Mid-1968, the British Film Institute invited acclaimed filmmaker Jean-Luc Godard to open a series of lectures at the National Film Theatre in London. A fee was agreed, the invite accepted, and flights booked. In the days prior to the event, the BFI received two telegrams from Godard. The first can be seen below. The second cable arrived the morning before his planned arrival, and read:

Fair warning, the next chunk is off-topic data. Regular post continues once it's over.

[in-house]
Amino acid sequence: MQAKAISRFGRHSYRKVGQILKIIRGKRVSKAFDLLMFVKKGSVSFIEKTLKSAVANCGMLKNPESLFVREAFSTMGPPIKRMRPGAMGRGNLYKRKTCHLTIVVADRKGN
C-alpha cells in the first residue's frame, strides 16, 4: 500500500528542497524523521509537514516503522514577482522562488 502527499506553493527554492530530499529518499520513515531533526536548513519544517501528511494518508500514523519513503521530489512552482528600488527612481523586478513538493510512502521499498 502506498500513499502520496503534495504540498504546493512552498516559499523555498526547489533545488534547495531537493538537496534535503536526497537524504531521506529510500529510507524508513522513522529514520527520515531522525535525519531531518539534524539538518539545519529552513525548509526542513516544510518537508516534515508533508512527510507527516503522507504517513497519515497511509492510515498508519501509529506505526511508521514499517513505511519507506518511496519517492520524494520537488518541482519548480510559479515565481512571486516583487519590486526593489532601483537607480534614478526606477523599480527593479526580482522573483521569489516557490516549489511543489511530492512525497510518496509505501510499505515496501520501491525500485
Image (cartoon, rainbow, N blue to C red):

WILL NOT COME TOMORROW MOVIES HAVE NOTHING TO DO WITH CIGARETTES AND REALITY WITH SMOKE YOUR UNKNOWN GODARD
100 members of the audience accepted a refund; the rest settled for a screening of Vivre sa vie.
Transcript follows. Image courtesy of the BFI.
TS 15/113 LN H0073 XF7964
NEUILLYSURSEINEPPAL 4651 60 19 1210
NATIONAL FILM THEATER SOUTH BANK WATERLOO LONDON
IF AM NOT THERE TAKE ANYONE IN THE STREET THE POOREST IF POSSIBLE GIVE HIM MY 100 POUNDS AND TALK WITH HIM OF IMAGES AND SOUDN AND YOU WILL LEARN FROM HIM MUCH MORE THAN FROM ME BECAUSE IT IS THE POOR PEOPLE WHO ARE REALLY INVENTING THE LANGUAGE STOP YOUR ANONYMOUS GODARD